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OTTAWA — Manitoba chiefs want to accept Cuba’s offer of providing doctors to improve health access on reserves.

"(Cuba’s) doctors perform very well on very limited amount of resources," Grand Chief Jerry Daniels of the Southern Chiefs’ Organization told the Free Press from Havana.

"In comparison, First Nations have been in the same situation."

Barring any bureaucratic hurdles, a doctor paid by Cuba could arrive this year at Gambler First Nation, which sits near the point Highway 16 crosses into Saskatchewan.

SUPPLIED </p><p>Grand Chief Jerry Daniels of the Southern Chiefs’ Organization with Cuban doctors who are in training for international deployments in Havana, Cuba. </p>

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Grand Chief Jerry Daniels of the Southern Chiefs’ Organization with Cuban doctors who are in training for international deployments in Havana, Cuba.

Daniels is aware some might object to Canadians offering help from a communist country.

"We just want to be focused on our health outcomes; we don't want to get into the governance of any other country," he said Friday.

The SCO, which represents 34 First Nations in Manitoba, has been meeting with senior Cuban officials and touring medical facilities.

It’s the SCO’s first major step in "health transformation," an effort multiple First Nations organizations are taking to get more control over health care.

Why does Cuba send its doctors abroad?

OTTAWA — Cuba has long sent its doctors and nurses to developing countries, as a means of boosting its image, including the ability of a communist country to provide quality care for cheap.

Generally, the host country pays the doctor’s room and board, while the Cuban state continues to pay their regular salary, as well as a stipend in local currency.

OTTAWA — Cuba has long sent its doctors and nurses to developing countries, as a means of boosting its image, including the ability of a communist country to provide quality care for cheap.

Generally, the host country pays the doctor’s room and board, while the Cuban state continues to pay their regular salary, as well as a stipend in local currency.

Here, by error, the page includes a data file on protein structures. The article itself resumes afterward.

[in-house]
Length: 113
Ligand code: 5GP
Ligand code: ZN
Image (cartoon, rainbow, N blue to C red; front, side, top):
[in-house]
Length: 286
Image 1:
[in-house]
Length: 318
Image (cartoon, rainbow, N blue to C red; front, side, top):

The country says its Integrated Health Program has sent more than 600,000 staff abroad since 1960. As of 2015, there were 50,000 specialists, more than half of them doctors, working in 67 countries, according to state statistics.

The American government has been critical of the scheme, saying it undermines local medical systems. USAID, in particular, claims participating doctors are underpaid and posted to dangerous locations.

The Cuban government has rejected those charges, and argues it is supporting vulnerable people in countries destabilized by colonialism.

Some of the doctors working abroad have used the opportunity to claim asylum.

— Dylan Robertson

Currently, the federal department Indigenous Services Canada runs nursing stations on reserves, and pays to fly and bus patients needing surgeries to places such as Winnipeg.

The SCO is among First Nations groups that are trying to gradually take over how health services are offered, so they can employ more locals and offer care more culturally appropriate. For example: involving family members more in rehabilitation and treatment.

The World Health Organization had hailed Cuba’s medical system for its effectiveness in treating patients, and resolving medical issues early on.

"What we're looking for is best practices around the world, and looking for a way in which we can get a really good return on our investment," said Daniels, who was joined this week by First Nations officials from Manitoba and Alberta.

He was impressed by the Caribbean nation's emphasis on prevention. He said the holistic approach to health care is more akin to First Nations traditions than Manitoba’s current system.

Cuba's national Public Health Minister, José Angel Portal Miranda, (left) with Grand Chief Jerry Daniels of the Southern Chiefs’ Organizationin Havana, Wednesday.

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Cuba's national Public Health Minister, José Angel Portal Miranda, (left) with Grand Chief Jerry Daniels of the Southern Chiefs’ Organizationin Havana, Wednesday.

Daniels was joined by a chief from northern Manitoba, as well as the chairperson of the organization that co-ordinates health care between officials from reserves, the province and Ottawa.

Currently, there are talks to bring one doctor to the Gambler reserve, and possibly others.

Daniels didn’t anticipate difficulties in securing permission for Cuban doctors to enter Canada. "What we need is Canada to recognize First Nations sovereignty and jurisdiction," he said.

The SCO mentioned the trip to federal officials ahead of time, and Daniels said he met with the Canadian ambassador in Cuba. The office of ISC Minister Marc Miller said it would look over any formal request, but generally supports Indigenous self-determination.

First Nations often face discrimination in Manitoba's health-care system, Daniels said, and they want to feel empowered instead of being seen as a burden.

"In Canada, we're the original owners of the land, and we're in the most marginalized situation — and that is because of government policy. So we have to look at where does it work, for health," he said.

"We have an impending crisis when it comes to health care in Manitoba overall."

dylan.robertson@freepress.mb.ca